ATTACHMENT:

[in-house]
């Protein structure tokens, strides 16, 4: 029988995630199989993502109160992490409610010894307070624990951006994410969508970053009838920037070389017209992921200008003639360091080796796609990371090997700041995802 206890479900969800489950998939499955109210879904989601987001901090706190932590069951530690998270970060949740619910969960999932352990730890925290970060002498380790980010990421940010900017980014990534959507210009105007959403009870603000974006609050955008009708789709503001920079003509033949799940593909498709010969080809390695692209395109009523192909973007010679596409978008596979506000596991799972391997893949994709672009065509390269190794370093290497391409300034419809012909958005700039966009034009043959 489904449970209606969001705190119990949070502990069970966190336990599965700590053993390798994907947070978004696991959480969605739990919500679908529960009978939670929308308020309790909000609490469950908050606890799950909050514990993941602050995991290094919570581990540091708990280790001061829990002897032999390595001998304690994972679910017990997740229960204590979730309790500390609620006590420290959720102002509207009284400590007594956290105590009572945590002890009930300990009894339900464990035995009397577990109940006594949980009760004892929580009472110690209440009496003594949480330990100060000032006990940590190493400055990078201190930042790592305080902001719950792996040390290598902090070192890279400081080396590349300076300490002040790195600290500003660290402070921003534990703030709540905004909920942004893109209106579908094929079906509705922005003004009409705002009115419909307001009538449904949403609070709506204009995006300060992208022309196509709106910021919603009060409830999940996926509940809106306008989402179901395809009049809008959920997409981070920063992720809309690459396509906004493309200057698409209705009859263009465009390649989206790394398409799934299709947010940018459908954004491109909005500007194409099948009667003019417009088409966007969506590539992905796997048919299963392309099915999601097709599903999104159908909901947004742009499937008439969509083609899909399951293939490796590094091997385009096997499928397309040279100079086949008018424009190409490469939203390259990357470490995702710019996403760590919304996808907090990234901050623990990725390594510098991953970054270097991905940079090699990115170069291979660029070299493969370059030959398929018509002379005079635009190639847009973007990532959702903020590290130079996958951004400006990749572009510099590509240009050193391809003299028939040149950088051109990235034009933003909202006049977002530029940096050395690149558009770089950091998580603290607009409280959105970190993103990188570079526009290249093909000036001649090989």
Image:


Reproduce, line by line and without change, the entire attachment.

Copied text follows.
[in-house]
């Protein structure tokens, strides 16, 4: 029988995630199989993502109160992490409610010894307070624990951006994410969508970053009838920037070389017209992921200008003639360091080796796609990371090997700041995802 206890479900969800489950998939499955109210879904989601987001901090706190932590069951530690998270970060949740619910969960999932352990730890925290970060002498380790980010990421940010900017980014990534959507210009105007959403009870603000974006609050955008009708789709503001920079003509033949799940593909498709010969080809390695692209395109009523192909973007010679596409978008596979506000596991799972391997893949994709672009065509390269190794370093290497391409300034419809012909958005700039966009034009043959 489904449970209606969001705190119990949070502990069970966190336990599965700590053993390798994907947070978004696991959480969605739990919500679908529960009978939670929308308020309790909000609490469950908050606890799950909050514990993941602050995991290094919570581990540091708990280790001061829990002897032999390595001998304690994972679910017990997740229960204590979730309790500390609620006590420290959720102002509207009284400590007594956290105590009572945590002890009930300990009894339900464990035995009397577990109940006594949980009760004892929580009472110690209440009496003594949480330990100060000032006990940590190493400055990078201190930042790592305080902001719950792996040390290598902090070192890279400081080396590349300076300490002040790195600290500003660290402070921003534990703030709540905004909920942004893109209106579908094929079906509705922005003004009409705002009115419909307001009538449904949403609070709506204009995006300060992208022309196509709106910021919603009060409830999940996926509940809106306008989402179901395809009049809008959920997409981070920063992720809309690459396509906004493309200057698409209705009859263009465009390649989206790394398409799934299709947010940018459908954004491109909005500007194409099948009667003019417009088409966007969506590539992905796997048919299963392309099915999601097709599903999104159908909901947004742009499937008439969509083609899909399951293939490796590094091997385009096997499928397309040279100079086949008018424009190409490469939203390259990357470490995702710019996403760590919304996808907090990234901050623990990725390594510098991953970054270097991905940079090699990115170069291979660029070299493969370059030959398929018509002379005079635009190639847009973007990532959702903020590290130079996958951004400006990749572009510099590509240009050193391809003299028939040149950088051109990235034009933003909202006049977002530029940096050395690149558009770089950091998580603290607009409280959105970190993103990188570079526009290249093909000036001649090989």
Image: